Africa is paying the price of western hoarding, and my country will endure Covid lockdowns until we get more doses
By Jackee Budesta Batanda
8 Sep 2021
My gardener, Emmanuel, returned a few days ago after a five-month hiatus. One of the conditions for his return was that he needed to be vaccinated. He comes from Karamoja in the north-eastern part of Uganda, where the vaccine uptake was low, so he was able to get vaccinated.
I first thought that he was fibbing, as many Ugandans are prone to do when they get fake documents in order to get a pass. I checked his card and confirmed he had a genuine vaccination card. He told me that his whole family had been vaccinated.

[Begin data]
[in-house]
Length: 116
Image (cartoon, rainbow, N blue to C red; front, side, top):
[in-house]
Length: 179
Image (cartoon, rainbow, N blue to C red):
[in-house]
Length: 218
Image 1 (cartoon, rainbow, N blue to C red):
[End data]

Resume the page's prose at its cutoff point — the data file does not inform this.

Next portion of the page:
On the other hand, Annet, my live-in housekeeper, has resisted getting the vaccine – always weaving new stories of why she cannot get it. First it was that only adults over 50 were allowed the vaccine. Today, it is only teachers and other essential workers are getting immunised. I have stopped cajoling her to get vaccinated, although I still share with her the vaccine schedules and centres whenever I get the updates.
Both Emmanuel and Annet are representative of the current Ugandan landscape: one part eager to be vaccinated, and observing the relevant restrictions and procedures; and the other side, if not anti-vaccine, coming up with excuses for not taking it.
While some Ugandans have been able to access the vaccine, and others have been offered it but not taken it up, doses are overall in short supply.
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